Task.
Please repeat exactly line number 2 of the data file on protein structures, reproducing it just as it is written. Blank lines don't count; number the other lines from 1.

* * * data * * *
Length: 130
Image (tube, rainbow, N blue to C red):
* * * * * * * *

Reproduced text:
Image (tube, rainbow, N blue to C red):